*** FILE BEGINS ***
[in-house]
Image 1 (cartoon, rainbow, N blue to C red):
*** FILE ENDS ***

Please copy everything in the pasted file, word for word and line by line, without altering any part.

[in-house]
Image 1 (cartoon, rainbow, N blue to C red):